Shout out to agender people who don’t want to transition at all

Your gender is hella valid and I am here for you.

Different Ways To Begin A Speech

Here are a few different ways to begin a speech that go beyond usual exhortations than starting with a story, a startling stat, or a question:

1)  Start with a strong emotion.

2)  Thank the audience for something they’ve done.

3)  Cut away the extraneous and get to the essence.

4)  Make a big demand.

5)  Break down what you’re talking about into simple steps.

6)  Map out the future.

More ways to begin a speech and grab your audience attention.


hollamike asked:

How can I get myself to speak up more in class? The oral mark makes up 50-60% of our final grades. I'm very anxious when it comes to speaking publicly&it has affected my grades very much the past years. Im quite good at exams& it downgrades them much

Here are some of my tips on speaking up in class:

  • Prepare for your class
    • If you have readings for that class, do them beforehand. 
    • If you are still not confident to answer the questions, do a summary of the reading and write down your opinion and analysis of it.
    • Some classes may have the discussion questions given to you, so you may want to write down your answer for those questions before class.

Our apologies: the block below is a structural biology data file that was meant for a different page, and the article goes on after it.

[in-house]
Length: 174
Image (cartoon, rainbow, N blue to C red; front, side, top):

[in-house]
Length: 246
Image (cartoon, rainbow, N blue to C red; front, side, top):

• If not, try to predict what questions are going to come up and make your own Q&A.
  • Pay attention to what your classmates say.
    • Even if you find it difficult to answer the questions raised by your teachers, you may always give your own opinion on what your classmates mention in class.
  • Don’t be afraid of making mistakes.
    • Everyone does. It’s alright to make mistakes and you never know if you have an awesome opinion until you actually speak up.
  • You can also ask questions.
    • Some teachers count asking questions as participation, some don’t. But it doesn’t matter. Once you have asked a question, you may follow up on your teacher’s answers.

If you really struggle with it, you should talk to your teacher individually to see how he/she can help. I have come across some teachers who would notice that and would direct more questions specifically to students who are shy.


You may also take a look at the following articles:

I hope this helps, and good luck! x

anonymous asked: